Pneumonia Nursing Intervention
Nursing intervention is important in nursing care of clients with pneumonia.
Atypical pneumonia: azithromycin, clarithromycin Bactrim DS, cefuroxime axetil
Azithromycin, clarithromycin Bactrim DS, and cefuroxime axetil are alternatives to penicillin for atypical pneumonia.
If you’re considering using one of these medications to treat your patient’s pneumonia, you should familiarize yourself with its side effects and rationale for use.
Community acquired pneumonia: levofloxacin, moxifloxacin, imipenem-cilastatin (Primaxin), ampicillin-sulbactam (Unasyn)
- Levofloxacin, moxifloxacin and imipenem-cilastatin (Primaxin) are used for community acquired pneumonia.
- Ampicillin-sulbactam (Unasyn) is also a good option for community acquired pneumonia as it has activity against Gram-positive organisms.
Hospital acquired pneumonia (nosocomial): Tazocin (pipercillin/tazobactam), Imipenem/cilastin or meropenem or doripenem, Zosyn (piperacillin/tazobactam), Primaxin IM (imipenem and cilastatin)
- Tazocin (pipercillin/tazobactam), Imipenem/cilastin or meropenem or doripenem, Zosyn (piperacillin/tazobactam), Primaxin IM (imipenem and cilastatin)
The choice of antibiotics depends on the type of bacteria causing pneumonia. If you’re treating a patient with hospital-acquired pneumonia, you may also need to use an antibiotic that targets specific types of bacteria.
Provide supplemental oxygen via nasal cannula.
Supplemental oxygen is used to relieve dyspnea and fatigue, as well as hypoxia and hypoxemia. Oxygen administration is helpful for patients with pneumonia because it relieves the work of breathing by reducing workload on the respiratory system. Oxygen helps patients by improving gas exchange in the alveoli, decreasing pulmonary hypertension and improving cardiac output, which improves tissue perfusion.
Increase I&O to 100 to 150 ml/hr or administer diuretics as prescribed.
• Increase I&O to 100 to 150 ml/hr or administer diuretics as prescribed.
• Remove insensible losses by increasing humidity and elevating the head of the bed.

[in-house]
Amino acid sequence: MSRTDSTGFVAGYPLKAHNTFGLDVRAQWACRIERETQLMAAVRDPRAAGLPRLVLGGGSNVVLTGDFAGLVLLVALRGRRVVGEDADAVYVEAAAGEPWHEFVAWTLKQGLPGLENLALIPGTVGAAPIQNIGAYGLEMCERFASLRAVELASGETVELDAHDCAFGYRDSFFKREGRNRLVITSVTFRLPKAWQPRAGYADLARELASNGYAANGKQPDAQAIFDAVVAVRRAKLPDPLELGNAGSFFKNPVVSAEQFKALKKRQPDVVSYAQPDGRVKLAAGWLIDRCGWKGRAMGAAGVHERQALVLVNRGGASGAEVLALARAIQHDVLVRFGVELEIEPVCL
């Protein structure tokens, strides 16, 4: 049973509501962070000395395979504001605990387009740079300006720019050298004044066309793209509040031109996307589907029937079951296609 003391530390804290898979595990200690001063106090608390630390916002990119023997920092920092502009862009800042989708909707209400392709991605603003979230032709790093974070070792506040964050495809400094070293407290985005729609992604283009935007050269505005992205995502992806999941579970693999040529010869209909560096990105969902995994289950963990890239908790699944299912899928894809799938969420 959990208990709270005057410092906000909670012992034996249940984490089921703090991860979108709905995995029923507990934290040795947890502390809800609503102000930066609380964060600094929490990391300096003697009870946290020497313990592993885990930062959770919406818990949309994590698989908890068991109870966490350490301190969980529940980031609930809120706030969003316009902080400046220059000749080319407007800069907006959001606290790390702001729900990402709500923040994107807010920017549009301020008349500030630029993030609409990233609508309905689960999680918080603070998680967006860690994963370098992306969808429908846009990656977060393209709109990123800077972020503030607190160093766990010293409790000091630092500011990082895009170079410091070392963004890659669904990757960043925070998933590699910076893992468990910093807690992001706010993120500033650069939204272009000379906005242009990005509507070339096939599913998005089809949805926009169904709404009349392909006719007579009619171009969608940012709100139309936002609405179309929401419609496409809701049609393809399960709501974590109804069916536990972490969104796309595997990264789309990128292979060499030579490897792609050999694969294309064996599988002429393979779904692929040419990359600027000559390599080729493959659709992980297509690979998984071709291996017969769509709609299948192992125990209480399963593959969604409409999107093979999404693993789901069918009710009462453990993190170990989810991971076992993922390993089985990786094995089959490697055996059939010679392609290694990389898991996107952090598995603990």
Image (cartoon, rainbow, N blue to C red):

Clear secretions effectively by encouraging deep breathing and chest physiotherapy.
- Chest physiotherapy involves the manual manipulation of the chest and lungs to loosen secretions and promote their removal.
- Deep breathing helps clear mucus from the airways, which improves oxygenation.
- Suctioning removes secretions from an open airway, allowing you to breathe more easily. Postural drainage helps remove secretions by positioning your body in a way that promotes drainage into the lungs, thus improving oxygenation and reducing infection risk. Manual removal of secretions is similar to suctioning but may be used if suction equipment is unavailable or if there’s no suitable opening for suction catheters (such as when there’s an injury).
Monitor for cor pulmonale by measuring blood pressure of legs, feet and ankles.
- Measure blood pressure of legs, feet and ankles every 4 hours
- If systolic blood pressure is greater than 130 or diastolic blood pressure is greater than 85, notify the physician
Nursing intervention is important in nursing care of clients with pneumonia
Nursing intervention is important in nursing care of clients with pneumonia. Nursing interventions are actions or decisions made by nurses to address client needs. There are several nursing interventions that can be used to help a patient who has developed pneumonia.
- Positioning correctly – as this will ensure that the patient’s lungs have room to expand and contract properly, helping them get enough oxygen into their blood stream
- Assisting with breathing exercises – these can help keep their lungs open and prevent the creation of mucus which will make it harder for them to breathe normally
In conclusion, nursing intervention is a very important part of the nursing care of clients with pneumonia.